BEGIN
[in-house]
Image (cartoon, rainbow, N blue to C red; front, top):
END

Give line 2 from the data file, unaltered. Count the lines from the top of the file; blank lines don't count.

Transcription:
Image (cartoon, rainbow, N blue to C red; front, top):